By Greg Price
The Fairness Express pulled into Taber on Cornfest Thursday to help kick off Cornfest festivities with raised awareness of the disturbing trend of a disappearing middle class, and the lack of fairness in the tax system with corporations hiding billions of dollars in tax shelters.
Members of Health Sciences Association of Alberta are traveling the province between Aug. 19 and Sept. 9, visiting events and locations to help begin conversations about fairness in a fun, non-confrontational manner.
“We certainly think the gap has grown between the ultra rich and the rest of us. It’s getting bigger and bigger with the middle class disappearing,” said Trudy Thomson, one of three vice presidents of the Health Sciences Association. “It’s getting to the point that we have to work harder and longer for the same or less money. Yes, we are educating our children, but there are no quality jobs for them so what happens? Are they going to have the same quality of life we have or our parents had?”
The Fairness Express Tour has been going across Canada since last fall in the four Maritime provinces and picked up again in the spring when it made its way to Ontario and Manitoba. Two buses are on the road right now in Alberta and British Columbia and will end up in Saskatchewan around Thanksgiving.
“We have about seven core volunteers on the bus and when we pull into a place people can come in and join and help us,” said Thomson. “People can ask us questions and tell us their stories and tell us what they feel about some of the things going on with income inequality and taxes and public services.”
Cornfest Thursday’s Fairness Express in Taber featured free treats like cotton candy, popcorn, suckers, T-shirts, kids games and information packages. An interesting booklet the organization has is entitled ‘The Jackass Factor: 100 Things Not to Do If You Hate Taxes.’ For those who want to pay little or no tax, it tells of activities you should not be doing including not relying on the fire department or police department, not sending kids to public schools, not visiting the hospital, not applying for a student loan or marriage licence, and not have buildings be built to a certain code. Things we have in our society we may take for granted that come from a fair tax system according to the organization.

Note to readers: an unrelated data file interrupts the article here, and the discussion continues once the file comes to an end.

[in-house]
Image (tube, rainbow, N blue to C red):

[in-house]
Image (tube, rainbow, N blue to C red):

“We think people can start asking some of those tough questions and talking about it. Tell two friends and they can tell two friends and so on,” said Thomson. “Have a million conversations where it can make a difference with how you view things.
And on the road to fairness on the Fairness Express volunteers have been hearing about plenty of discord among Canadians where paycheques have remained flatlined for numerous years while expenses keep going up.
“The statistics have been showing that hasn’t really been much growth in the last 30 years than there has been before then. Since about the early 19803, there hasn’t been the level of growth than there was before that,” said Thomson. “People are saying ‘how do I get ahead? ‘How do I get a house?’ How do I make sure my kids get a better life than I did or as good of a life?’ ‘What happens with my aging parents who can’t find a bed in a long-term care facility?’ You can have a good pension and still be poor in retirement.”
For more information about the tour and the organization, log onto http://www.fairnessexpress.ca.
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